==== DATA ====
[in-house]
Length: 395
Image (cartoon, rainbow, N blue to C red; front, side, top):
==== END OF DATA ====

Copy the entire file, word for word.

[in-house]
Length: 395
Image (cartoon, rainbow, N blue to C red; front, side, top):